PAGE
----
Article in the Washington Post was also interesting. http://www.washingtonpost.com/wp-dyn/content/article/2010/02/22/AR2010022204830.html

It had this insert that I found helpful:

Canned foods: Tests by Consumers Union and the Environmental Working Group found the highest levels of BPA in canned soups and pasta, but it was also detected in canned fruits, vegetables and beverages. When possible, use frozen fruits and vegetables, and buy soups and beverages in glass containers. Cardboard "brick packaging" for soups, broths and tomatoes is another BPA-free alternative.

Plastics: BPA is often found in polycarbonate plastic food containers that are marked with "PC" or with the recycling number 7. Plastics with the recycling label numbers 1, 2 and 4 do not contain BPA.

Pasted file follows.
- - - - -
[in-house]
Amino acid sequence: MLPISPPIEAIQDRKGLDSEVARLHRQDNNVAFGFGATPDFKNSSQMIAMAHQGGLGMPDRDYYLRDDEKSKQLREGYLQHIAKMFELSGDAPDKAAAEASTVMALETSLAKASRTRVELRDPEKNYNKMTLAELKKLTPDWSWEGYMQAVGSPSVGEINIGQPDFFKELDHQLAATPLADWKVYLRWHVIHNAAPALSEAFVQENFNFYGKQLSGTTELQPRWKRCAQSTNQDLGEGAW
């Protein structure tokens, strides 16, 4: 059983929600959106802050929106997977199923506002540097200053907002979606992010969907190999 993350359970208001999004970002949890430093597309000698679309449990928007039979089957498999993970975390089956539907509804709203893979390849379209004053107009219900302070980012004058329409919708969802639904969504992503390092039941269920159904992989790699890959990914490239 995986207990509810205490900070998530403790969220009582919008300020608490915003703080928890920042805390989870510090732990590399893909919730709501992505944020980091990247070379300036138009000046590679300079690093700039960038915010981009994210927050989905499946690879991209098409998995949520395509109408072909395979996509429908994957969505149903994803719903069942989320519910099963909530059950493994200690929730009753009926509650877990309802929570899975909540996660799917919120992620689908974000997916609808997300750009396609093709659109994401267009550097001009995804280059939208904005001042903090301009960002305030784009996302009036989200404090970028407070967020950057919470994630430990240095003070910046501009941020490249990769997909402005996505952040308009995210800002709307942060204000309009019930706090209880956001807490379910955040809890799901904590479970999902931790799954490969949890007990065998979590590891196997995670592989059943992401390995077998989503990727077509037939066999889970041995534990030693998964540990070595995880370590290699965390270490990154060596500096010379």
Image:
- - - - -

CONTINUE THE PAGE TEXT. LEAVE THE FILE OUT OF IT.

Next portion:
Water bottles: Some metal water bottles are lined with a coating that contains BPA. Use stainless steel bottles that are not lined or plastic bottles that are clearly marked BPA-free. Avoid old or scratched plastic bottles.

Heating: Avoid microwaving foods or liquids in polycarbonate plastic containers. Use glass or ceramic containers instead.

Will be anxious to see the results of the study I think it being done through NIH.

Karen

Always Hopeful
Posts: 234
Joined: May 2010

Oh my! This could really send you to the funny farm! So much to think about and so much time spent choosing the right packaging now for our food.

I had a rather long conversation yesterday with the nutritionist at the chemo center. She mentioned a few interesting things.

-- She only buys frozen vegetables and only fruit that is locally grown and organic. So much of our fruit come from out of the country, especially from Chile. It must be picked before it is ripe and by the time it reaches our markets have lost most of the nutrients due to the shipping process.